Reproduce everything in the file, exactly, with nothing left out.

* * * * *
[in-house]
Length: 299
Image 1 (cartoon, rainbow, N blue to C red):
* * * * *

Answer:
[in-house]
Length: 299
Image 1 (cartoon, rainbow, N blue to C red):